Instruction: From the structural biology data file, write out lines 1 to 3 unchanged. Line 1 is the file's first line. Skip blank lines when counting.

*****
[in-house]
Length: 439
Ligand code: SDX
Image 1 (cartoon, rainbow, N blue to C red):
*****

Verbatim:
[in-house]
Length: 439
Ligand code: SDX